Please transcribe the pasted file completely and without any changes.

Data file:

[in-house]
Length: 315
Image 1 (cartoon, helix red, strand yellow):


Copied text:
[in-house]
Length: 315
Image 1 (cartoon, helix red, strand yellow):